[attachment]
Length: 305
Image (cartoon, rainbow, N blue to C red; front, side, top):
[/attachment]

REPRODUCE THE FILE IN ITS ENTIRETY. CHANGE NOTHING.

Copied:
Length: 305
Image (cartoon, rainbow, N blue to C red; front, side, top):